Understanding MariaDB Indexing

Indexes in MariaDB are implemented as data structures that allow faster data retrieval from tables. There are several types of indexes available in MariaDB, each with its own characteristics and use cases. Here’s an overview of the different types of indexes in MariaDB:
  1. B-tree indexes: These are the most common type of index used in MariaDB. They use a balanced tree data structure to store the index keys and their corresponding row IDs. B-tree indexes can be used to optimize queries that involve range conditions, such as WHERE clauses with inequality operators (<, >, <=, >=) or BETWEEN conditions.

Example:

CREATE INDEX my_index ON mytable (column1, column2);

2. Hash indexes: These indexes use a hash function to map index keys to their corresponding row IDs. Hash indexes are particularly useful for equality-based lookups, such as WHERE clauses with the = operator. However, they do not work well with range queries.

Example:

CREATE INDEX my_index ON mytable (column) USING HASH;

  1. Full-text indexes: These indexes are used for full-text searches. They allow for fast searching of text fields using natural language queries. Full-text indexes use a variation of the inverted index data structure, where the index keys are the words in the text and the corresponding row IDs are the documents that contain those words.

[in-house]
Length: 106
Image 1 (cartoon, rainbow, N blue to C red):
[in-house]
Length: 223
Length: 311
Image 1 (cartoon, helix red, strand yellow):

Example:

CREATE FULLTEXT INDEX my_index ON mytable (column);

  1. Spatial indexes: These indexes are used for spatial data, such as geographic coordinates. They use a variant of the R-tree data structure to store the index keys and their corresponding row IDs. Spatial indexes can be used to optimize queries that involve spatial relationships, such as finding points within a certain distance of a given location.

Example:

CREATE SPATIAL INDEX my_index ON mytable (column);

  1. Prefix indexes: These indexes are a type of B-tree index that indexes only the first few characters of a column. Prefix indexes can be useful for optimizing queries that involve LIKE conditions with a wildcard at the end of the string.

Example:

CREATE INDEX my_index ON mytable (column(10));

In summary, indexes are an important tool for optimizing database performance, and MariaDB offers several different types of indexes to choose from, depending on the specific requirements of your application. It’s important to choose the right type of index for each use case to ensure the best possible performance.

About Shiv Iyer 452 Articles
Open Source Database Systems Engineer with a deep understanding of Optimizer Internals, Performance Engineering, Scalability and Data SRE. Shiv currently is the Founder, Investor, Board Member and CEO of multiple Database Systems Infrastructure Operations companies in the Transaction Processing Computing and ColumnStores ecosystem. He is also a frequent speaker in open source software conferences globally.